3. Less Ca2+ enters cytosol

4. Leads to less NT released and reduced probability of AP's in neuron B


Pre-synaptic inhibition occurs where in the pathways involved in central processing of the senses; what impact does it have on the brain?

- Occurs between neighboring receptors at the first synapse in their pathway

- Every synapse along the way represents a chance to modify or respond to the stimulus

- Increases the brain's ability to localize the signal


What is the most powerful form of inhibitory control in all primary afferent fibers?

Pre-synaptic inhibition


The somatosensory cortex has how many layers, how are the neurons arranged, and what is the importance of this arrangement?

- Has 6 layers

- Arranged in columns

- Each column deals with one sensory modality in one part of the body


Which layers of the primary sensory cortex houses the columns which are the main site of termination of axons from the thalamus?

Layer IV


Which are the main output neurons from the primary sensory cortex?

Pyramidal cells


Where is the primary somatosensory cortex (S1) located, which Brodmann's areas, and what is this part of the brain involved in?

- Located in post-central gyrus

- Brodmann's 1, 2, and 3

First stop for most cutaneous senses

- Involved in the integration of information for postion sense as well as size, shape discrimination


Where is the secondary somatosensory cortex (S2) located, whre does it receive input from and what is this part of the brain involved in?

- Wall of the sylvian fissure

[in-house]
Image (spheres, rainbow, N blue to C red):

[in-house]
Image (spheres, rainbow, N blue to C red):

- Receives input from S1

- Cognitive touch

- Comparisons between objects, different tactile sensations and determining whether something becomes a memory


Do the primary and secondary somatosensory areas (S1 and S2) have somatotopic representation?

- S1 has detailed somatotopic representation

- S2 has somatopic representation, BUT is NOT as detailed as S1


What is the function of the parieto-temporal-occipital (PTO) association cortex?

High level interpretation of sensory inputs

- Receives input from multiple sensory areas, including S1 and S2

- Analyzes spatial coordinates of self in enviornment, names objects, and has many functions


What are Corticofugal signals, where are they transmitted between and their function?

- Transmitted back from cortex to lower relay stations in the thalamus, medulla, or SC

- Controls the intensity of sensory sensitivity

- Typically inhibitory and suppresses sensory input


What is the Doctrine of specific nerve energies, tells you what?

- No matter where along the afferent pathway is stimulated, the sensation that will occur is determined by the nature of the sensory receptor in the periphery connected to that pathway

- Tells you the modality (i.e., what kind of receptor stimulated)


What is the Law of Projections, tells you what?

- No matter where along the afferent path we stimulate, the perceived sensation is always referred back to the area of the body in which the receptor is located

- Tells you where you feel it (location)


What are the 4 ways pain can be characterized by location?

1) Deep pain (i.e., bone pain)

2) Muscle pain

3) Visceral pain

4) Somatic/cutaneous pain


Nociceptors are bare nerve endings used for sensing noxious stimuli, what are the 2 types of fibers involved and characteristics of each?

Aδ fibers: small, sparsely myelinated. Fast, sharp pain

C fibers: unmyelinated fibers associated with dull pain (slow pain)


What are the different types of nociceptors (i.e., what are they sensitive to)?

- Sensitive to both thermal and mechanical stimuli (majority)

- Sensitive only to thermal or only to mechanical

- Silent/sleeping: not active during initial injury, but can be "woken up."